Bookmarks came into being to protect expensive books as long ago as the 16th century, but they were not widespread and popular until the 19th century.


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Collecting Bookmarks


 Bookmarks came into being to protect expensive books as long ago as the 16th century, but they were not widespread and popular until the 19th century.

 The first detached bookmarks - as opposed to silk ones which were attached to the book spine in the 17th and 18th centuries - appeared in the Victorian era and were used for Bibles and prayer books. These were home-made from scraps of ribbon or cloth which were embroidered with religious themes in the style of samplers. Soon shopkeepers were providing small pieces of perforated card, called Bristol board, which could be colourfully embroidered and cut into crosses or other shapes.

 The next development came in the 1860s when decorative silk bookmarks were produced on an adapted Jacquard loom. Thomas Stevens of Coventry, who had designed over 400 different patterns by the 1870s, was the leader in this field. By about 1880, all sorts of other bookmarks were available. Wooden souvenir markers in Tunbridge or Mauchline ware were popular and so too were rigid ones in other materials - at first in expensive silver and gold but later copied in brass, copper, celluloid, ivory and tortoiseshell. These markers doubled as page-cutters and letter-openers.

 By far the most common, however, were markers made of thin card onto which colourful designs could be printed. Many of these were of a religious nature but greeting and birthday markers were also produced in considerable quantities. By the turn of the century, commercial companies had realized the potential of bookmarks.


 The first companies to take advantage of advertising on markers were soap and food manufacturers who included bookmarks in their packs. They were soon followed by insurance companies who, in Edwardian times, produced some of the most attractive advertising markers. Scottish Widows, for instance, issued a series with branch addresses on one side and famous paintings on the other. Walter Crane, the illustrator of children's books, was also commissioned to produce designs for their bookmarks.

 After World War 1, government departments, circulating libraries, cinemas and book publishers all adopted this form of advertising but few of these are as interesting or as imaginatively designed as Victorian and Edwardian bookmarks, although propaganda markers from World War 2 and those issued by the Royal Society for the Prevention of Accidents in the 1950s are often original and eye-catching and are popular with collectors.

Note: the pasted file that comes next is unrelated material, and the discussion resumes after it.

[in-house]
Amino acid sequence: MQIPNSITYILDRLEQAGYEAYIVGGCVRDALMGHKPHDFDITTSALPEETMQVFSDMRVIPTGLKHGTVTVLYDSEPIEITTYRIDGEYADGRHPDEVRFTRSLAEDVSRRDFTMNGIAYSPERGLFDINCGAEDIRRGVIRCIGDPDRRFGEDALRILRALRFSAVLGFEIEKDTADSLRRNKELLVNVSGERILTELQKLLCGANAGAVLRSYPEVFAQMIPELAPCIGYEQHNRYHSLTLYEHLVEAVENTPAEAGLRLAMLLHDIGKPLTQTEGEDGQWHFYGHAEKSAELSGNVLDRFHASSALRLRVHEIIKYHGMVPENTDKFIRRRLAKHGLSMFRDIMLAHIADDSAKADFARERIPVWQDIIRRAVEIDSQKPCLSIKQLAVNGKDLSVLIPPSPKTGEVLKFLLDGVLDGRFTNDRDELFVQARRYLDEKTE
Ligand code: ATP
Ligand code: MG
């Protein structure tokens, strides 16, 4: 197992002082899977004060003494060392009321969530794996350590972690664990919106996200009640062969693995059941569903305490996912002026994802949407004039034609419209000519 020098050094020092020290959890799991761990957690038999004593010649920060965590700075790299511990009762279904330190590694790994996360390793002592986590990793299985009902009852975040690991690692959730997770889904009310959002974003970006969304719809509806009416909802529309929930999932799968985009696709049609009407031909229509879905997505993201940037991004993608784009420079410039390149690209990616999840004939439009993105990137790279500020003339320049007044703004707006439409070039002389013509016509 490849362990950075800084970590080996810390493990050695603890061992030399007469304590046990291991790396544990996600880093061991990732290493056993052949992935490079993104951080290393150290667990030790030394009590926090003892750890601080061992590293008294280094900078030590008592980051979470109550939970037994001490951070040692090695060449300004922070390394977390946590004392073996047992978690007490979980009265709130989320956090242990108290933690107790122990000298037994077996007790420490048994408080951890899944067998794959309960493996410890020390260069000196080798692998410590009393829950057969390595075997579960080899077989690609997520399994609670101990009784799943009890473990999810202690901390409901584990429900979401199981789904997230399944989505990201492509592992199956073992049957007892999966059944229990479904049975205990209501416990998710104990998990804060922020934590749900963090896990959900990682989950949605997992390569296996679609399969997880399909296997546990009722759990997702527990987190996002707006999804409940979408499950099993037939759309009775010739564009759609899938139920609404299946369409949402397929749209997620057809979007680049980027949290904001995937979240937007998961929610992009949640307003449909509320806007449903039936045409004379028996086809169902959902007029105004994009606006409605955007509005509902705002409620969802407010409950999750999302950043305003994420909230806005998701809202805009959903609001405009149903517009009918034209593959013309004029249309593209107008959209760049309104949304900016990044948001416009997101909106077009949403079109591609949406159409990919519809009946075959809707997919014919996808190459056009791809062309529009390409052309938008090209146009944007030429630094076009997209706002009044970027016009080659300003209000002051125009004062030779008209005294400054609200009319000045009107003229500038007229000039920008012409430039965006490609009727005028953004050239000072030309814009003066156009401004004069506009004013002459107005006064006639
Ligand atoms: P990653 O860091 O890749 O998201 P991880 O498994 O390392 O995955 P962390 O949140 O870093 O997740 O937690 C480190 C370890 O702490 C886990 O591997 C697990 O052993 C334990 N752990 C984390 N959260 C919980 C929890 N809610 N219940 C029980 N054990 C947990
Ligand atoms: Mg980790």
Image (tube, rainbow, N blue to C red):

Although they perform a very simple function, bookmarks come in a great variety of materials, shapes designs and colours, as this handsome display shows.


 For the collector, bookmarks offer considerable potential, since they range from the cheap to the relatively expensive. Card markers offer the widest scope and most that you will come across will be well priced, although attractive Victorian examples and sought-after advertising ones in good condition will he at the top end of the range.

 Dealers in ephemera at antiques fairs and markets will usually carry a range of bookmarks hut you may have to search for them amid collections of greetings and Valentine cards or old postcards and prints. Embroidered Bristol board and woven silk markers are slightly more expensive and should only he bought if they are in good condition. Faded colours, brown foxing stains and cracks or tears all cause serious devaluation.


 The more durable markers made of metal, wood, ivory, tortoiseshell and various kinds of plastics are more often found with dealers in small antiques of a general nature, and again they may he jumbled up with old thimbles and scissors, watch chains and assorted pieces of relatively cheap Victorian jewellery. The most common shapes among metal markers are variations on the trowel and dagger. Most of the blades are plain and carved from one piece of material, with a slip for the page, but the handles are often wonderfully decorative and feature animals such as dogs or elephants, or are inset with stones; many fine silver ones have mother-of-pearl handles.

 Gold markers are rare and you're unlikely to come across any at bargain prices. Hallmarked silver ones are more easily found and reasonably priced. Those with decorative handles or inset with stones are less common and therefore dearer. However, those in copper, brass, and moulded plastic can be fairly cheap unless they have silver handles (as do many tortoiseshell and ivory markers) or have novelty or art deco features.

 Even so, bookmarkers in precious metals are small items, even if embellished with stones or with pretty handles, and very few will go beyond $50, while most are considerably cheaper. Do check, though, when buying these more expensive pieces, that the silver is not bent or distorted along the blade and that the semiprecious stones are original and not later replacements and are undamaged.

 Like all paper ephemera, you should keep old card bookmarks in an album where they will be protected from light and extremes of temperature. If you collect the more durable kind, they can be put in a display case but it is a shame not to use them - they can become conversation pieces and will certainly keep the book you are reading in good shape.

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